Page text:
The Raptors are rebuilding and replacing OG with the #7 pick better aligns with the rebuild
If we’re talking about pairing someone with Scottie Barnes (20), OG at 24 is a perfectly fine fit, and we don’t need to get younger. Parker/Duncan and Shaq/Kobe had a six year age difference. Jordan/Pippen, Giannis/Middleton were three years apart. Curry/Thompson, Stockton/Malone had two year differences. I’m not suggesting the Raptors combo is comparable to the greatness those duos achieved, but if we’re talking about nucleus building, then age is hardly a factor.
Is a four year difference truly something that can’t be tolerated in a core? I don’t think so. In fact, you can find plenty of examples of cores who where the age difference was less than four but didn’t achieve anything great (e.g., Lillard/McCollum, Beal/Wall). My point is that though age ranges are important, it’s not a factor in this instance.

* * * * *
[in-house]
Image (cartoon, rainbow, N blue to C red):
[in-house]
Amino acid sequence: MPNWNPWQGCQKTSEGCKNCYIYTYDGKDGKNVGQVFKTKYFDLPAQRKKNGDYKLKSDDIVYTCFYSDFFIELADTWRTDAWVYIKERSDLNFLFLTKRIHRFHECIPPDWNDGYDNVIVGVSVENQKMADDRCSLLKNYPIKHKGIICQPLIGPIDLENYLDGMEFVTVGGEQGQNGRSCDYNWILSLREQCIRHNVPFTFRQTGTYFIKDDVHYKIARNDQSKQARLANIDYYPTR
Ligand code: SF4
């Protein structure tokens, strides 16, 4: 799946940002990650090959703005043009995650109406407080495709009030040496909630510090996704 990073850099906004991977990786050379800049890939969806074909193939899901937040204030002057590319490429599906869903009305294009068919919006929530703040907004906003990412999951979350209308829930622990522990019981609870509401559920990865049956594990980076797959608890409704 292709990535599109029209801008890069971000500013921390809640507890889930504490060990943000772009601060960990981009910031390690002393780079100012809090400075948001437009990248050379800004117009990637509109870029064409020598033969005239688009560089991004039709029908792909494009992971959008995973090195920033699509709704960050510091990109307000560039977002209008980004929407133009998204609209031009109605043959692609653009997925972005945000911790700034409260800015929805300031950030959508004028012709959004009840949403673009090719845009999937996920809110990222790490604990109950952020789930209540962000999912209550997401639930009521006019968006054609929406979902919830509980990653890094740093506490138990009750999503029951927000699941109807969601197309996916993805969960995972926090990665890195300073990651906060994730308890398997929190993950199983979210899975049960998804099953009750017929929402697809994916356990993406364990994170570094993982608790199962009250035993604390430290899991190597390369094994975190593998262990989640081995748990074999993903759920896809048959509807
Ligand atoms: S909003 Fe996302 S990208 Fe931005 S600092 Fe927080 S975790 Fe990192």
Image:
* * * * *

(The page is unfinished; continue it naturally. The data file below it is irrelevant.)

Let’s assume the Raptors are in a rebuild (they’re not). Looking at the draft board, the average birth year for the draft this year appears to be 2002, which makes the players 20 years old. OG is 24 years old. It would be a weird argument to suggest that swapping a 24 year old with a 20 year old is more attuned to a rebuild when the 24 year old is still 3-4 years away from hitting their peak. This argument would hold more water if the suggestion was to trade Pascal Siakam or Fred VanVleet (both 28), but not OG – the second youngest of the current core four.
OG isn’t a great basketball fit and clashes with Barnes
It is hasty to reach such a strong conclusion based on a single season’s play. These inputs to these dramatic franchise-altering decisions need more time to bake in the oven. The Barnes-OG lineups have been worse than others but they’re still net positive. It’s not like this is a DeMar/Kyle situation where we have years of accumulated regular season and playoff data to conclude that we must try something new. This is year one.